#pigletandtheogre

  7. Yeah, Im going with ‘hang onto yourself’ until we hear a definitive no.

  8. Pingback: Party Radar: All the Bowie bashes | 48 hills

  9. Super intereesting!!! there is no evidence though…

  10. Pingback: Ist David Bowie der Vater des Sleng Teng Riddim?

  11. lovelylake says:

    Great story! I’m with you on this, pgunn, having just listened to the Deep Purple and Joy division tracks.

  12. Another strong contender from the engadget comment thread, though Im still hoping its Bowie. https://www.youtube.com/watch?v=u_93kdv9rd4

    • peter says:

      one of my favorite Hawkwind tunes (ever since heard the Monster Magnet cover version when I was a wee lad), and the chord progression is very close, but it doesn’t have the rockabilly style natural 7 to root hammer-on that makes the riff sleng teng sounding…

  13. Eric Arnold says:

    hmm, assuming you are correct, wouldn’t that technically make Mick Ronson the slengfather? That would have been him playing that riff, not Bowie. i’m aware the song was originally released in ’71 with David playing acoustic guitar (https://www.youtube.com/watch?v=Oi5R0ulokHE), but that version sounds less like sleng teng than the electric version on Ziggy Stardust.

    • peter says:

      most likely, yes, or perhaps it would make Spiders (and Arnold Corns) bass player Trevor Bolder the slengfather… But, as the person whose name goes on the record (and the “auteur” and presumed final arbitrator of sonic decisions), the credit would have to go to Bowie…

  14. tis song, “come on” proooooves taht tose buzzcocks were kopy katz

  15. michael says:

    This is a fantastic post. Thanks for the brain power. Seems like a very plausible theory.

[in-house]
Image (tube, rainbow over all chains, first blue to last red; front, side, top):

16. Timmah says:

    The other tracks cited as possible influences are interesting but wasn’t Bowie before them in the 70s? Therefore he could have influenced all other tunes mentioned. Seems obvious to me.

  17. Keith says:

    there’s also this Ramones riff (but of course bowie did it first): https://www.youtube.com/watch?v=maS68s9jpYo

    • peter says:

      very true, both Dee Dee Ramone and Sid Vicious put that bass line on many many songs… In Sid’s case on almost every song, if the live bootlegs from the ’78 US tour are anything to go on… 😉

  18. Adam says:

    I’m thinking Chickory Tip’s cover of Giorgio Moroder’s “Son Of My Father” might be the source, particularly given the strong keyboard connection with GM vs Bowie. Regardless, great story and interesting theory.

  19. Sleng Teng was inspired by Barrington Levi’s “Under Mi Sensi” which was produced by JAH Screw. And although the songs came out the same year 1985, Sensi was released first. Sleng Teng is just an electronic version of the “Under Mi Sensi” riddim…

  20. harrel says:

    Has anyone considered “I Just Want to Make Love to You” by Foghat?

    Check out the first 40 seconds… https://www.youtube.com/watch?v=ziiDkT165zI

  21. Adam Chester says:

    Another contender: The Specials – Dawning of a New Era. Listen at 27.12